Inherent contradictions
There are too many contradictions in this agreement to make it possible. Israel says the agreement is to limit Iran’s power, while Saudi Arabia is actively building relations with Iran. The US is open to sharing military technologies with Saudi Arabia if it will limit cooperation with China, but Saudi Arabia just allowed Huawei’s Cloud Center to open on its soil. The Palestinian Authority has decided to be a player and not sit on the sidelines, but now Abbas has opinions on the Holocaust and Hitler’s possible motives. Netanyahu says this agreement is a priority while his own Finance Minister said concessions to Palestinians are a ‘fiction’. This is perhaps the biggest inherent contradiction - Israel’s most far right government is expected to guarantee security and statehood for Palestine. Saudi Arabia is expected to give a lifeline to the Netanyahu government while asking for concessions for Palestine. The incentives are almost impossible and the players almost unwilling and the timing more than fragile.

My Take 
The nuclear program for Saudi Arabia is the real cornerstone of this agreement, as it envelops all the concerns and interests and players. It provides a security guarantee for Saudi Arabia without the need for others. Essentially, it is geopolitical independence, defense strength, and domestic pride. This is in line with Saudi Arabia’s trajectory in recent years - independence and making the kingdom a global leader, not a dependent follower.  But it's not going to happen. No Israeli security establishment will allow this. Saudi Arabia’s recent opening towards Iran makes this more unlikely.

Palestinian statehood is a murky term. The ‘two-state solution’ is so overused by different leaders who accept stronger or weaker versions of this that the term means little. In this case it would mean membership in the UN, which the US has already said that it will not guarantee or endorse, (technically the US only needs to abstain, not endorse)  Also, given the speed this current Israel government is annexing Palestinian land, I doubt they will accept it.

There is the request for a US security guarantee for Saudi Arabia. However, the US will continue to guarantee the kingdom’s security as it has for decades. Of course, interests change as Hosni Mubarak learned, but the benefit of a stronger US security guarantee is not US support, but access to more powerful technologies.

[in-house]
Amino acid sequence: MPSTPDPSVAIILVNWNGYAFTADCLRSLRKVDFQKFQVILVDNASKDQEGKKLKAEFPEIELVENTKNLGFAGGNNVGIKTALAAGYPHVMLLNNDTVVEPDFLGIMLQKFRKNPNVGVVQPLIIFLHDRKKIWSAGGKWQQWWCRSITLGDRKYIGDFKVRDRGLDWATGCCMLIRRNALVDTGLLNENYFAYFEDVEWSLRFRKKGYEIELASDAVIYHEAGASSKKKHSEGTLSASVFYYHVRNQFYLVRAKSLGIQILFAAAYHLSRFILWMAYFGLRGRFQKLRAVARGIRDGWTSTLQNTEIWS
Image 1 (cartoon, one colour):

What about Jordan? Repeating a mistake of the Trump administration, Blinken and his team have not included Jordan as a leader but a beneficiary of these talks. However, Jordan’s legacy of regional diplomacy, its role as a custodian of the holy sites, its influence with the Palestinian Authority, and its history of relations with both Saudi Arabia and Israel make it a valuable partner - and an opportunity missed by not granting it a larger role. Former Secretary of State Mike Pompeo wrote an op-ed calling for a new organization to be formed to facilitate Saudi support for Palestine (ahem). Either he forgot his Middle East history or he is also making the mistake of dismissing Jordan’s influence.  I would go so far to say that without Jordan, a Saudi-Israel agreement can’t happen. 

We have seen for months that Saudi Arabia is striking a more independent path. If conditions of the deal are trying to restrict that, the deal will fail. The Biden administration (and to an extent, the Netanyahu government)  pushes for this “historic deal” which, even if accepted, would eventually turn out to be a cosmetic change such as an opening of a consulate or a new trade deal. Meanwhile, the underlying goals of the deal seem to be garnering support for actions against Russia, trade limits on China and boxing-in Iran - three items Saudi Arabia is not eager to pursue (and Israel is wobbly on the first two). 

The guarantees for Palestine are unclear and without a large role for Jordan, the agreement is unstable. The White House approach to this deal is too much, too fast. The deal for Saudi Arabia is the wrong limits with the wrong partners. This unworkable daydream may fail before the US election, while the real partners keep moving forward as interests align.

Katrina Sammour was first published on Full Spectrum Jordan, a weekly newsletter on SubStack.